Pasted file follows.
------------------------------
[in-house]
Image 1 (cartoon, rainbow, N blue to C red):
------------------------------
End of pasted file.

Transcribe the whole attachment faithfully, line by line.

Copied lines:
[in-house]
Image 1 (cartoon, rainbow, N blue to C red):